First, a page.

Is Markus Howard clutch?

One of my blurbs from last week’s post mentioned that Markus Howard was very unclutch in the Butler game, which was surprising, as he had been really good in crunch time this season, using the NBA definition of clutch to mean the last 5 minutes of regulation and overtime in games within a 5-point margin.

But further analysis from Joe McCann of Scrambled Eggs Podcast led me to dive a bit deeper than just this season, and just points scored, to answer this question and put it in proper context.

For starters, I took the Synergy clutch stats of him and Myles Powell, the player Markus gets frequently compared to, as seen in the Tweet above. But I left the names off intentionally, so as not to bias your thinking. Can you identify which one is Markus?

Clutch Stats.JPG

There is one column I added that should be a giveaway, but the point is that these two players, with vastly different perceptions about their “clutchness” nationally, have basically identical stats.

Sure, the bottom player has a tad better shooting numbers, and 12 more points, but that difference is erased a bit by the 15 extra shots needed to put up those 12 extra points. Neither is lighting it up from the field, and both have 50+ free throws made.

The only statistically significant difference, and the data point that should have given away Markus, is the percent of field goals that were assisted. Markus is at the top, and only 9.3% of his 43 field goals made came via an assist, vs 50% for Myles Powell.

(And before we move on too much, I do want to note that Myles was extremely clutch last season, and earned that rep, he just hasn’t been very good in these situations this year. That’s not to say he isn’t good or won’t be good, just that the stats to date aren’t particularly impressive, and are actually worse than Howards’, even after the Butler debacle.)

Markus has never needed a good pass to score, he is the preeminent shot creator in all of college basketball, and that’s why, as impressive as his 3-point shooting numbers have been this season, they deserve another level of adulation for the degree of difficulty.

However, when the game is on the line, you don’t get extra points for making a more difficult shot. When all that matters is putting points on the board, settling for a stepback long two with over 15 seconds left on the shot clock even though you’re ice cold isn’t ideal.

But again, this isn’t about 1 game, as recency bias would have us blinded by it. Going through each crunch time possession for Markus, 29 in all when you take out intentional fouls, he has created the shot for himself (either in ISO or off of a screen) 25 times. This isn’t just talking about makes, either, this is all shots regardless of the result.

Of those 4 “assisted” possessions, only 1 resulted in a made basket. So I don’t want to give you the impression that simply by having Markus off the ball, he will all of a sudden become unstoppable. What is true, though, is that taking him off the ball a bit more opens the floor for teammates who have for the most part been incredibly good in clutch situations.

Non-Markus players have scored 47 points in these spots, shooting 50% from the field and 55.6% from distance.  Anim has scored 18 points in 11 attempts while Koby has been nearly perfect from the line, icing multiple games away from the stripe. (Funny enough, Koby’s 3 to send the game to overtime was his first made FG in crunch time as a Marquette player. His previous 11 points had all come from the free throw line.)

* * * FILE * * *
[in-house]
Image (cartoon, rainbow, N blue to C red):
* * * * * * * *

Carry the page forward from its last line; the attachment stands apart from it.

Having seen this data, I joked on Twitter that Wojo needed to have a come to Paxon moment with Markus, much like Phil did with MJ.

Capture.JPG But I wanted to see was if maybe he was making the right passes, and teammates simply weren’t hitting. Of the 22 non-Markus, non-intentional foul shooting possessions, exactly half came directly from a pass.

5 Markus (1-4, 5 points)
5 McEwen (4-5, 11 points)
1 Elliott (1-1, 3 points)

To recap 11 possessions with a pass resulted in 19 points, a fantastic figure. Compare that to 11 points scored on the other 11 possessions, and you can see how valuable moving the ball becomes on this team, even if Howard isn’t doing the shooting.

To wrap it up though, I did want to point out the instances where Howard has been phenomenal in the clutch, just this year, that may be getting memory holed.

Against Davidson, he took 4 of the 5 clutch possessions, scoring 11 points and assisting on the only other made field goal.

And then he would add 4 more points from the line to prevent Davidson from inching back into clutch time territory.

Or when he scored 8 clutch points against Georgetown just 2 weeks ago, including this cold blooded 3.

(Side note, turn up the volume and watch the Hoya students groan as soon as Markus faked the defender out of the building, and before he even released the shot. Too good.)

All of this is to say, although historically, Markus has been worse in clutch time than in other game situations, he hasn’t been bad, or even worse than someone with the sterling reputation of Myles Powell. He struggled late last season because of an injured wrist and struggled mightily against Butler. He simply hasn’t had the memorable game-winner to let the good overshadow the bad.

That is not to say  he can’t improve. With the attention he draws, and with the options available, he can definitely do a better job of getting teammates involved, putting them in good shooting spots, and the team in a position to benefit.

But don’t let 1 game or 1 play alter your perception. The story is much more complex than that.

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